I am on eye drops to stop infection but for the past two weeks I've been getting severe headaches or feeling tired and dizzy.
The eye doctor told me to keep taking eye drops and gave me painkillers for the headaches. Is there anything to worry about?
AIf you have seen your eye doctor they will have checked to ensure that there is no problem in your eye as a result of the operation.
They will have checked to make sure that there has not been an inflammatory reaction triggered in the eye or a rise in the pressure inside the eye that could need special treatment to resolve, for example.
If your headaches are still persisting, it is worth seeing your GP for a more general check up to ensure that everything else is ok. A blood pressure check would be worth while.
QMy adult daughter is deaf and uses British Sign Language. I can go with her to appointments and act as a translator but I'm worried about her becoming ill as I can't always be there to help.
ARecent figures from the British Deaf Association suggest that on any day up to 250,000 people use some BSL.
NHS 24 has a British Sign Language Service which offers people who are deaf the chance to contact NHS 24 using a face-to-face link via video or webcam technology.
Through a remote agency, InterpreterNow, the BSL user uses video software to connect with a BSL interpreter, who will contact NHS 24, opening a three-way call.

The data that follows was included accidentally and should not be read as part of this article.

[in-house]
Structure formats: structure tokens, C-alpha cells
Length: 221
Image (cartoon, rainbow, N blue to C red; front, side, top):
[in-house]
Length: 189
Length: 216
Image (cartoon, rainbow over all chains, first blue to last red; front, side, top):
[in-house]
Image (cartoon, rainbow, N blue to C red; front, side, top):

Your daughter should register at www.nhs24.com, click on 'Other Languages' and then 'BSL', in case she needs medical attention out of hours.
NHS 24 has also launched a trial for an online video BSL inter-preting service supporting Health Boards and the Scottish Ambulance Service for planned and unplanned consultations in areas including Ayrshire and Arran.
WHAT IS... JET LAG?
JET lag is the result of your body finding it difficult to adjust to a new time zone after a long flight because your body's natural 24-hour clock (circadian rhythm) is disrupted.
A disturbed sleep pattern is one of the most common symptoms of jet lag.
Others can include indigestion, constipation, diarrhoea, nausea, loss of appetite, anxiety and light-headedness.
They will usually last for only a day or two.
To minimise jet lag, establish a new routine as soon as possible, eating and sleeping at the correct times for your new location.
Avoid napping and spend time out of doors as natural light helps you adjust. Your GP or pharmacist can advise you how to adjust medication that you take at specific times of day.